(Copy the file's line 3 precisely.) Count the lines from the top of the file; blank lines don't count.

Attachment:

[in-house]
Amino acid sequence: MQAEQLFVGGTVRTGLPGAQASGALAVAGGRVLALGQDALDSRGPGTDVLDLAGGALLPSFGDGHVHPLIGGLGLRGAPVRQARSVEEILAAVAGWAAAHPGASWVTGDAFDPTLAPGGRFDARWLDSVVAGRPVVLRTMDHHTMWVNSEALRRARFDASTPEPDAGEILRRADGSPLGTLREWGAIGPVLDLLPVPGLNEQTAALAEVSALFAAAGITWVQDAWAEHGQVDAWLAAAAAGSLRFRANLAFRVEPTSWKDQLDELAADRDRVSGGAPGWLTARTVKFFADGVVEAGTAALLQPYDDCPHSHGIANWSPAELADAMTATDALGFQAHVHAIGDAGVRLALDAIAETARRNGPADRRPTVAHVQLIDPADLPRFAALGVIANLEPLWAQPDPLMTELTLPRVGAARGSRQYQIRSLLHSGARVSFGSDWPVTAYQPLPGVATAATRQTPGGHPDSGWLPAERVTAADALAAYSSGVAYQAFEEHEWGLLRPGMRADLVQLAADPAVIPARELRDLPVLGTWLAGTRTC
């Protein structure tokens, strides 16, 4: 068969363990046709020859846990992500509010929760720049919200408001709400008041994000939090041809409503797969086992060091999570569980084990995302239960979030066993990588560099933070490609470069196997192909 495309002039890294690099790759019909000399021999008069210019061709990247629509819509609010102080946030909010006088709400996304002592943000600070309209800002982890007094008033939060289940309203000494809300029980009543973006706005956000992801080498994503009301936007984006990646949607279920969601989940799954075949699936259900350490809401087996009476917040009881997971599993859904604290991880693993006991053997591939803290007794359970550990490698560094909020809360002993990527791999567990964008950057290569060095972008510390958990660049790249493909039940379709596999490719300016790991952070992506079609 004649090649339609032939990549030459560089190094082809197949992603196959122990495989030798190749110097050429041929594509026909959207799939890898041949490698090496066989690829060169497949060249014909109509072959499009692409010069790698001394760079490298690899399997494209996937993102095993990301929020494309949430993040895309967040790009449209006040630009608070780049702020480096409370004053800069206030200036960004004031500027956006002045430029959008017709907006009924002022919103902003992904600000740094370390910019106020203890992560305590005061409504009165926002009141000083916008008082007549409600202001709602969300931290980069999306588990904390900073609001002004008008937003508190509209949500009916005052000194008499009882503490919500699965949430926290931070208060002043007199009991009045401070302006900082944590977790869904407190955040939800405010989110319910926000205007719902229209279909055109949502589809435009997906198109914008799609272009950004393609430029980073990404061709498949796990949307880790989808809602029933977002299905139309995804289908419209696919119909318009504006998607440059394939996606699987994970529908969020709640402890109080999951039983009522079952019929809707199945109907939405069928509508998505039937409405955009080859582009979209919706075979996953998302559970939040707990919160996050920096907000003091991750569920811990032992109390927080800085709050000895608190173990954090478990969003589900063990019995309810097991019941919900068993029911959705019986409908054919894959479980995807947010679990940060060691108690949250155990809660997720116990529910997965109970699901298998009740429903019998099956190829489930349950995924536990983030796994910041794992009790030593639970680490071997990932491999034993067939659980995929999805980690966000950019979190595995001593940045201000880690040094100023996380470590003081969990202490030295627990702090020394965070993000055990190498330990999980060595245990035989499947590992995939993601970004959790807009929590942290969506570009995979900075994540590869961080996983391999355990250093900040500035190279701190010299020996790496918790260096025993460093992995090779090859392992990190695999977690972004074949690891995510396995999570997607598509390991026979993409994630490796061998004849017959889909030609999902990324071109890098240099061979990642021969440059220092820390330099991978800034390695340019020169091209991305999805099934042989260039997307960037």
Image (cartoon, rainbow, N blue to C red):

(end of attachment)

């Protein structure tokens, strides 16, 4: 068969363990046709020859846990992500509010929760720049919200408001709400008041994000939090041809409503797969086992060091999570569980084990995302239960979030066993990588560099933070490609470069196997192909 495309002039890294690099790759019909000399021999008069210019061709990247629509819509609010102080946030909010006088709400996304002592943000600070309209800002982890007094008033939060289940309203000494809300029980009543973006706005956000992801080498994503009301936007984006990646949607279920969601989940799954075949699936259900350490809401087996009476917040009881997971599993859904604290991880693993006991053997591939803290007794359970550990490698560094909020809360002993990527791999567990964008950057290569060095972008510390958990660049790249493909039940379709596999490719300016790991952070992506079609 004649090649339609032939990549030459560089190094082809197949992603196959122990495989030798190749110097050429041929594509026909959207799939890898041949490698090496066989690829060169497949060249014909109509072959499009692409010069790698001394760079490298690899399997494209996937993102095993990301929020494309949430993040895309967040790009449209006040630009608070780049702020480096409370004053800069206030200036960004004031500027956006002045430029959008017709907006009924002022919103902003992904600000740094370390910019106020203890992560305590005061409504009165926002009141000083916008008082007549409600202001709602969300931290980069999306588990904390900073609001002004008008937003508190509209949500009916005052000194008499009882503490919500699965949430926290931070208060002043007199009991009045401070302006900082944590977790869904407190955040939800405010989110319910926000205007719902229209279909055109949502589809435009997906198109914008799609272009950004393609430029980073990404061709498949796990949307880790989808809602029933977002299905139309995804289908419209696919119909318009504006998607440059394939996606699987994970529908969020709640402890109080999951039983009522079952019929809707199945109907939405069928509508998505039937409405955009080859582009979209919706075979996953998302559970939040707990919160996050920096907000003091991750569920811990032992109390927080800085709050000895608190173990954090478990969003589900063990019995309810097991019941919900068993029911959705019986409908054919894959479980995807947010679990940060060691108690949250155990809660997720116990529910997965109970699901298998009740429903019998099956190829489930349950995924536990983030796994910041794992009790030593639970680490071997990932491999034993067939659980995929999805980690966000950019979190595995001593940045201000880690040094100023996380470590003081969990202490030295627990702090020394965070993000055990190498330990999980060595245990035989499947590992995939993601970004959790807009929590942290969506570009995979900075994540590869961080996983391999355990250093900040500035190279701190010299020996790496918790260096025993460093992995090779090859392992990190695999977690972004074949690891995510396995999570997607598509390991026979993409994630490796061998004849017959889909030609999902990324071109890098240099061979990642021969440059220092820390330099991978800034390695340019020169091209991305999805099934042989260039997307960037």